This page is currently under revision as we welcome additional Centre Scholars on board. (September 18, 2012)
Since 1984, Morris has taught undergraduate and graduate courses and supervised MA and PhD students (the latter while at the University of Ottawa). He has taught in traditional core areas of economics with more emphasis on microeconomic theory. He has also taught and developed courses in labor economics, pay inequality, development economics, behavioral economics (with some emphasis on experimental economics), economic history and the history of economic thought. Most recently, his teaching and supervisory focus has been on behavioral/experimental economics. Morris made the University of Saskatchewan his home base from 1988 until May 2008, supervising over 10 MA theses and served on numerous MA thesis and project committees. In September of 2008, Morris accepted a position as professor of behavioural economics and head of the School of Economics and Finance at the Victoria University of Wellington, New Zealand. Morris has published a number of books and scholarly papers.
Morris has been a Centre Scholar since 2002.
Chris Axworthy was born in the U.K. After graduating in Law from what is now London Metropolitan University in 1970, he completed his graduate studies in Law at McGill University. From 1972 to 1975 he was Assistant Professor of Law at the University of New Brunswick. From 1975 to 1985 he was Associate Professor and then Professor of Law at Dalhousie University. In 1984 he moved to the University of Saskatchewan to be Professor of Law and the founding Executive Director of the Centre for the Study of Co-operatives.
In 1988 Chris was elected to Parliament as the M.P. for Saskatoon-Clark’s Crossing. He was re-elected twice in 1993 and in 1997. In 1999 Chris was elected as the M.L.A. for Saskatoon-Fairview in a by-election and again later the same year in the General Election when he was appointed Minister of Justice and Attorney General for the Province of Saskatchewan. In 2001 Minister of Aboriginal Affairs and Minister of Intergovernmental Affairs were added to his responsibilities. Chris was appointed Queen’s Counsel in 2000.
In 2003 Chris returned to the University of Saskatchewan as Professor of Law. He also practiced law with Robertson Stromberg Pederson in Regina. From July 2008 to 2010 he has been Professor and Dean of Law at the University of Manitoba. As of May 1, 2010, Chris Axworthy became the Founding Dean of Law at Thompson Rivers University.
Chris has been a Centre Scholar since 2004.
Publications by Chris Axworthy with the Centre for the Study of Co-operatives are:
- A History of Saskatchewan Co-operative Law — 1900 to 1960. Donald Mullord, Christopher Axworthy, and David Liston (66 p., Occasional Papers Series), 1988.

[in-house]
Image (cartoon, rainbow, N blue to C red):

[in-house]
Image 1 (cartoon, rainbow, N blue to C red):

- Worker Co-operatives and Worker Ownership: Issues Affecting the Development of Worker Co-operatives in Canada. Christopher Axworthy and David Perry (100 p., Occasional Papers Series), 1988.
- Co-operatives and Their Employees: Towards a Harmonious Relationship. Christopher Axworthy (82 p., Occasional Papers Series), 1986.
- Worker Co-operatives in Mondragon, the U.K., and France: Some Reflections. Christopher Axworthy (48 p., Occasional Papers Series), 1985.
For the past several years Dr. Beckie has worked as an academic, consultant, and activist in the areas of community/regional development and alternative agri-food systems. She completed her doctorate in 2000 through the Division of Extension at the University of Saskatchewan. Using an interdisciplinary perspective, in her dissertation she examined the theory and practice of sustainable development, particularly as it relates to agriculture and rural development. From 2001 to 2003 Dr. Beckie was part of a research team at the University of Wales that coordinated an extensive study, funded by the European Commission, on the role of organic agriculture in sustainable regional development in Europe. She continues to be interested in theoretical and empirical studies of sustainable development and is especially interested in helping to identify and build connections and synergies between rural and urban communities in a regional context.
Mary Beckie became a Centre Scholar in 2012.
Louise is an associate professor with the Department of Human Resources & Organizational Behaviour, Edwards School of Business at the University of Saskatchewan and Co-Director of the Community-University Institute for Social Research (CUISR).
After a decade of alternating travel and consulting on social housing, Loiuse has returned to university to study, first with Professor Eric Trist in Environmental Studies, then with Professor Gareth Morgan in Administrative Studies both at York University in Toronto. Observing labour-management relations in two auto assembly plants for her dissertation gave Louise an appreciation of the enormous task facing management of implementing major technological and organizational changes. At the same time, her observations inclined her to favour critical perspectives regarding the three P’s -partnerships, participation and power.